According to the Indian chronicles, the name ‘Bhutan‘ is derived from Sanskrit word ‘Bhotanta‘ meaning ‘the end of Tibet’ or from ‘Bhu-uttan‘ meaning ‘high-land‘. According to the classical Tibetan chronicles, the place is referred to as
(i) ‘Lhomon Tsenden Jong‘ which stands for ‘the southern ‘Mon’ country of Sandalwood (Chandan)’,
(ii) ‘Lhomon Men Jong‘ referring to ‘the southern ‘Mon’ country of Medicine (herbs).
The Bhutanese people follow Nyingma and Drugpa Kagyu school of Tibetan Buddhism. But the Bhutanese chronicles mention Bhutan as “Drug Yul” meaning “the Land of the Thunder Dragon” in reference to the predominant Drugpa school of Tibetan Buddhism in Bhutan, which is the nationalist interpretation of Bhutan. The territory is populated by the Tibetan people who do not follow Drugpa Kagyu Buddhism and other parts also do not follow Drugpa school of Buddhism, therefore, this name does not represent all the people of Bhutan inclusively, so it is debatable.
The history of Bhutan is directly linked with Padmasambhava‘s visit at around 747 AD. Padmasambhava has eight manifestations (Gure Chengye) and among theme is the Dorje Dolo and he subdued the local deity (Capricorn-dikpa) by transforming into the profound figure sitting on the pregnant tigress. He was transformed in this vision in Paro valley at Taktsang Lhakhang meaning Tigress’s Nest.
King Songtsan Gampo made thirteen ‘Lhakhang‘ in Tibet and the Tibetan Cultural Region surrounding Tibet, assuming the Tibetan cultural territory as the body of Vajra Varahi and he made the temples in the important points of her body. Among these Lhakhangs, two important Lhakhangs are within the territory of modern Bhutan. Therefore, we can infer that Buddhism entered into the area of Bhutan during the 7th century. The two Lhakhangs:
1. Kyichu Lhakhang at Paro, and
2. Jhyampa Lhakhang at Bumthang, are the examples of the expansion of Tibetan Buddhism in Bhutan. The precious master, Guru Rinpoche, who came to this area to subdue the local deities and expand Buddhism in this region, further carried Tibetan Buddhism of Bhutan. The Pedma Kathang mentions the reference to these places in detail. Similarly, the famous Padmasambhava’s consort (Dakini) Tashi Khyidron is believed to be a Bhutanese lady.
The Bhutanese also refer to the story of Khikharatho (a man with the head of a goat and a body of man) and they have a place khenpajong and falsely mention the place to be khenpalung of Nepal, one of the Beyul predicted by Padmasambhava known as Guru Rinpoche.
The second propagation of Buddhism took place in the Bhutanese territories after the Kagyupa masters came to this region and established their lineage. The first Drigung Kagyu Lama (1164-1224) came to Bhutan in the twelfth century and developed Buddhism, which later became the important lineage in the western territories of Bhutan, which still exists, in livelier form. Following the trend another Tibetan lama PhajoDrugon Zhigpo (1208-76), a direct disciple of Tsangpa Gyare, came to Bhutan and established Drugpa Kagyu School of Buddhism and made the Tango Gompa at Phajoding in the thirteenth century and propagated Buddhism in this region. The most important Tibetan Lama of Drugpa Kagyu School, Kunga Legpa known as Drugpa Kunleg (1455-1529), one of the three Divine Madmen, came to this region and made a Palung Gumpa at and propagated Buddhism in Bhutan. The Tibetan chronicles mention his name as Drug Nyon Heruka (meaning the Madman with the Garland of the bones of a dead person and meditating on the crematorium. Therefore, he is referred as the establisher of Buddhism in Bhutan and he is the important cultural iconic figure of Bhutan.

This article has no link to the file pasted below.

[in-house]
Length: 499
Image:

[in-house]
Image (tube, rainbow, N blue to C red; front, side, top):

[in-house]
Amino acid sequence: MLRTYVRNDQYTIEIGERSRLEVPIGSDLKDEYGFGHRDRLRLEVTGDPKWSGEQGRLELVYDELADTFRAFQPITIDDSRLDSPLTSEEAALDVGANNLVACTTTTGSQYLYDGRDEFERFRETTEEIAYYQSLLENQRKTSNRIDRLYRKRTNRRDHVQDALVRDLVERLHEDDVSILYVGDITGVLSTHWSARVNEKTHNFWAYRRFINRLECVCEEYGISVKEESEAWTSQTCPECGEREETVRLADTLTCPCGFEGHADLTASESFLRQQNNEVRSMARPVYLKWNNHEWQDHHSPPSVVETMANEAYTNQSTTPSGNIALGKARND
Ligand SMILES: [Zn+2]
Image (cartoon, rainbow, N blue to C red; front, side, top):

Similarly, 14th century Nyingma Master Longchenpa (1308-63) came to Bhutan, therefore, the Nyingma School of Tibetan Buddhism exists in Bhutan. When the sponsors of Longchenpa had a confrontation, he came to Bhutan in exile and got married to the Bhutanese lady by giving up monkhood. He made two important Gompas at Bumthang: Tharpaling and Samtenling; and propagated Buddhism in this area. Later he returned to Tibet and wrote the terma texts on Beyuls. The Bhutanese Lama Pema Lingpa, a famous terma master further strengthened Nyingma Buddhism in Bhutan. He is famous for his contribution in the Terma revealing of Guru Rinpoche. He is believed to be the incarnation of Guru Rinpoche and Longchenpa. Therefore, the Bhutanese Buddhism is the combination of Nyingma and Dugpa Kagyu School of Tibetan Buddhism in the royal lineage.
Later, Zhabdrung Ngawang Namgyal (1597-1651), the fifth incarnation of Drugpa Kagyu, the lama who was not accepted as the incarnation, came to Bhutan in the western part and united Bhutan. He is therefore known as the father of modern Bhutan. He made dzongs to protect Bhutan from the foreign invasions and along with the head and made the division of authority or power. He looked after the administrative part and Je-Khenpo looked after the spiritual functioning of Buddhism in Bhutan. The Je-Khenpo must be a follower of Drugpa-Kagyu School of Buddhism. He also came to Nepal and supported the expansion of Buddhism here. The present Je-Khenpo is the 72nd lineage holder of the first spiritual master. Later, lineage holder of Zhabdrung Ngawang Namgyal was killed by Urgen Wangchug (Dec.17,1907) and became the first secular king and established the Wangchug Dynasty in Bhutan. The third king Jigme Dorje made Bhutan famous to the world and even made a member of UN in 1971. The present king is Jigme Singe Wangchug, the fifth Chogyal monarch of Bhutan. The main mission of the Bhutanese kingdom was on the Gross National Happiness, as a result, the other people who followed different form of religion felt dominated and went to exile as refugees.